Anica Dobra - News Poster


Film Review: ‘Enclave’

Set in 2004 and unfolding through the eyes of a lonely lad who lives in the isolated Serbian Orthodox quarter of a majority Albanian Muslim village in Kosovo, “Enclave” starts as a poignant and intense coming-of-ager from Serbian helmer-writer Goran Radovanovic that questions whether coexistence is possible between the two communities. The pic’s first two-thirds provide an atmospheric and compelling watch, but a major stylistic and narrative shift in the final act damages the goodwill and credibility accumulated until that point. Kudos, such as the Moscow Film Festival audience award, will entice further fest play for Serbia’s foreign-language Oscar submission.

The only child left in his neighborhood, wistful 10-year-old Nenad (the appealing Filip Subaric), rides to school every day in a dark, claustrophobic Kosovo Force (Kfor) armored vehicle driven by cynical Italian soldiers. As it bumps along the mountain roads, he stares out the small window slits. He can
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Graf Attack!: or The Possibility Space (The Cinema of Dominik Graf)

  • MUBI
Rotterdam this year has offered one certifiable giant discovery in international cinema: German filmmaker Dominik Graf, revealed in a simultaneously introductory and interventionist retrospective programmed by Christoph Huber and Olaf Möller. An incredibly prolific filmmaker beginning in the late 1970s, Graf has interwoven his cinema into the fabric of the German television industry, producing a body of work ranging from television episodes, made-for-tv films, essay movies, documentaries, and a handful of films intended for the cinema.

Yet despite Graf's prodigious output of nearly sixty works, its primarily creation for national television has meant that it has been essentially unavailable to English-speaking audiences prior to Rotterdam's 17 film retrospective. The first film of his I saw was Komm mir nicht nach (Don't Follow Me Around) in the middle of the Dreileben trilogy in 2010, notably another for-television project, but one which had festival and theatrical ambitions beyond German living rooms, perhaps due
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Film review: 'Wheels'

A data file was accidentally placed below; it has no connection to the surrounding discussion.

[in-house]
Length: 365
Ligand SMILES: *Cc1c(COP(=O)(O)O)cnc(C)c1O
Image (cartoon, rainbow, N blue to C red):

Film review: 'Wheels'
Treading heavily on universally recognizable material about an innocent man turned into a violent force by the dark-hearted people around him, "Wheels" (Tockovi) is a taut, blackly comic 1998 Yugoslav drama that rivals some of the best Tarantino-noir films of the decade. A natural for festivals and select-site engagements, it screened Saturday at the Freedom Film Festival in Santa Monica.

In his feature debut, Serbian screenwriter-director and former film critic Djordje Milosavljevic seems at times more inspired by "Key Largo" than "Pulp Fiction", while the wicked plot is worthy of a Luis Bunuel opus. Set mostly in a roadside motel/diner dubbed Wheels, the movie opens with lead Nemanya (Dragan Micanovic) driving in a soaking rain to his father's house. Out in the same part of the country, a serial killer is loose.

Nemanya has a flat tire, is briefly harassed by the cops and then gives a stranger a lift. When he gets to the motel, he's hungry and tired, but the reception he gets is gruff and unfriendly. With a gun mysteriously now in his possession, Nemanya is nonetheless caught with his defenses down by the motel owner and several male and female guests, who have decided that he is the serial killer.

"I am not a killer", he pleads -- but then weird things start to happen. The outcome of an instantaneous trial, with Nemanya tied up, does not go as planned. He gets free, but one person is accidentally killed in the process.

With the others acting unreasonable and hostile, he is backed into a corner. But he finds out soon enough that they are all shady characters with hidden agendas.

While some of the specific cultural aspects don't always translate well, such as one character's constant mispronouncing of common words, "Wheels" winds up to a explosive but not altogether downbeat climax. Not afraid of upping the body count and employing witty small talk about ancient epitaphs, Milosavljevic shows solid filmmaking skills, particularly working within the constraints of an obviously small budget.


Cinema Design

In collaboration with

the Ministry of Culture of Serbia

and Bulgarian National Television

Screenwriter-director:Djordje Milosavljevic

Producer:Ljubisa Samardzic

Director of photography:Dusan Ivanovic

Editor:Branka Ceperac

Music:Felix Lajko

Art director:Vladislav Lasic

Costume designer:Dejana Vucicevic


Cast: Dragan Micanovic, Anica Dobra, Nikola Kojo, Ljubisa Samardzic, Bogdan Diklic

Running time -- 90 minutes

No MPAA rating

See also

Credited With | External Sites